A slot is a narrow opening in a machine or container, for example the hole that you put coins into to make a machine work. It can also refer to a position on a schedule or program, for example you may have a time slot booked for your trip to the airport.
The Slot receiver is a vital cog in the offensive playbook, as they can be used in multiple ways to attack the defense. They are usually a little shorter and smaller than outside wide receivers, but have top-notch route running skills and speed to match. They can run routes to the inside or outside, deep or short. And they also serve as an effective blocking receiver on running plays, picking up blitzes and sealing off the defensive ends to give the RB more space.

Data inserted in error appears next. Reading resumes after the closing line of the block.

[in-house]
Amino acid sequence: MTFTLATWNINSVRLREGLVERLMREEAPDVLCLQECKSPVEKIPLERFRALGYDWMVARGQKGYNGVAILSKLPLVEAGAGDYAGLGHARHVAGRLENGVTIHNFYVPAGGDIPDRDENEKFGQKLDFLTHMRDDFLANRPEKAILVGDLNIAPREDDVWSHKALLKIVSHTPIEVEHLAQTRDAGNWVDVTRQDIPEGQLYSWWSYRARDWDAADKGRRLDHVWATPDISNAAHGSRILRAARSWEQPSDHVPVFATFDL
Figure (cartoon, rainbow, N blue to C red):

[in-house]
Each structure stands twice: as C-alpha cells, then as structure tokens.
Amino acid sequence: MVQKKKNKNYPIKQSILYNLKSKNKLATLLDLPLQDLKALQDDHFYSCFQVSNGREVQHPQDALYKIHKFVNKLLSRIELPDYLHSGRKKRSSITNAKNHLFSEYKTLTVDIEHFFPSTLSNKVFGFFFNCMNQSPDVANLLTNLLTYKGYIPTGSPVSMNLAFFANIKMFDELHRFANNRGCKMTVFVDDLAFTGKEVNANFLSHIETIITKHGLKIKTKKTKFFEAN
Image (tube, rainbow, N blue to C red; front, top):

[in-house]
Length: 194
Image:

A Slot receiver is often called into pre-snap motion by the quarterback, and must be able to quickly find open space on the field. They can also act as a ball carrier on some running plays like pitch plays and reverses, with the quarterback handing off or pitching the ball to them after they’re in pre-snap motion. They need to be able to move quickly on these plays and not be caught off guard by defenders who are closing in. They also need to have advanced blocking ability, especially compared to outside receivers. This is because they are often asked to block defensive backs and safeties.